|Surveying the scene: Before starting his speech, Democrat Barack Obama looks over the thousands of cheering supporters who turned out for his “Women’s Rally for the Change We Need” event.
Crowd at UM’s BankUnited Center
By Robert C. Jones Jr.
The line stretched down Walsh Avenue and then wrapped around Merrick Street as far as the eye could see.
Twenty-one-year-old Nene Kamate, a University of Miami senior from Queens, New York, and a 100-meter hurdler on the women’s track team, stood patiently for more than an hour-and-a-half, waiting to enter the arena where she would get the chance to see and hear the man whose childhood, she says, “was like mine in many respects.”
“My parents fought hard, too, to raise us,” said Kamate, who has two brothers and three sisters. “My dad drove a cab and my mother cooked meals out of the house and sold them. They did everything they could to make sure we had everything we needed.”
Kamate was talking about U.S. Senator Barack Obama, the Democratic presidential candidate who, during his speeches across the nation, often refers to being raised by a single mother who struggled to make ends meet.
|At the podium: In addition to the Obama rally, UM President Donna E. Shalala has helped bring many other events to campus as part of the school’s Dialogue for Democracy series.
The first African-American to accept a major-party presidential nomination, Obama brought his campaign to the University of Miami campus on Friday, delivering a message of hope for women and touting his plans for economic recovery and universal health care.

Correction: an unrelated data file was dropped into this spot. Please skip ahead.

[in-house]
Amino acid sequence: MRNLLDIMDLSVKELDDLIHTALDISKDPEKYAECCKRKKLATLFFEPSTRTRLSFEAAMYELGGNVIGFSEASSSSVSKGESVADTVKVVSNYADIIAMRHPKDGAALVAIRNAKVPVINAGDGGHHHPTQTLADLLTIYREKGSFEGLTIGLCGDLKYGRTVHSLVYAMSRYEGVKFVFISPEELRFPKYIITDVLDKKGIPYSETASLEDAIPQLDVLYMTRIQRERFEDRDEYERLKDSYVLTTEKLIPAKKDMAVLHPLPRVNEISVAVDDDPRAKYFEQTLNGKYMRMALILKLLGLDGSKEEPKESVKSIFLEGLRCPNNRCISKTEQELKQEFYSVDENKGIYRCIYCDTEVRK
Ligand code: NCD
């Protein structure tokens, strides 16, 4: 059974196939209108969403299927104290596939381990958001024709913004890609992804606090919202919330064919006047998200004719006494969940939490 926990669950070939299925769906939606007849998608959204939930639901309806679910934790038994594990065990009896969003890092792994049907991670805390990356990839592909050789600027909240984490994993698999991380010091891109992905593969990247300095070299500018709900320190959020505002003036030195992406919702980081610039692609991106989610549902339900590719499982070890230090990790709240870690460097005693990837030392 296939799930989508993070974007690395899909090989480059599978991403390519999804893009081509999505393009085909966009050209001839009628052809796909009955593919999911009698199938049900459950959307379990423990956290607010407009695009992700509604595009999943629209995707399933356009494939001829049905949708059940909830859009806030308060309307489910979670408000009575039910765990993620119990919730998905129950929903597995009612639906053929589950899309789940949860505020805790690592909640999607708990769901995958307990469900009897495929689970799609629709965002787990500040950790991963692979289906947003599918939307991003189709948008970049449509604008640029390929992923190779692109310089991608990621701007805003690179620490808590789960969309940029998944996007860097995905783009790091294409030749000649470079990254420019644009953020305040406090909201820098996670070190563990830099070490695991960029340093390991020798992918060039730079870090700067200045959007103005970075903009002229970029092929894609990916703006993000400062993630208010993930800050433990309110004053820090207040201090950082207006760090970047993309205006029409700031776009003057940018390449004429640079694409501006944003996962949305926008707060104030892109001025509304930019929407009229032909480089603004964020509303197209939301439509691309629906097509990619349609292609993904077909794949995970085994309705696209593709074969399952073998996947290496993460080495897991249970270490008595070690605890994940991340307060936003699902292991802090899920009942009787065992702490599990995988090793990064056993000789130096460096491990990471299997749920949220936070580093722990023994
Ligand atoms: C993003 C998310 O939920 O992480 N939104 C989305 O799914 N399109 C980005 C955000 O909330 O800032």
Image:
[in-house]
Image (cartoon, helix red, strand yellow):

His appearance at UM’s BankUnited Center, dubbed a “Women’s Rally for the Change We Need,” was part of A Dialogue for Democracy, a University-wide series of events focusing on key issues surrounding the presidential campaign.
“We all know how important women will be in determining the outcome of this election,” Obama said during his opening remarks. “But as I stand here with all of you, I know that this isn’t just about politics for me. This is personal. I come here today not just as a candidate for president. I come here as a son and a grandson, as a husband and a father who has seen firsthand throughout my life the challenges so many women face every day in this country.”
He recalled seeing his mother struggle to put herself through school while working and raising two children. “She once had to turn to food stamps to make sure we had enough to eat,” Obama said.
“I think women like her who work hard and pour everything they’ve got into their kids should be able to pay the bill and get ahead. And that’s why I’m running for president of the United States.”
He said women like his grandmother, who worked her way up to middle management at a bank and saw men no more qualified than her move above her in the corporate ladder, “should be paid fairly and have the same chances to succeed as everyone else.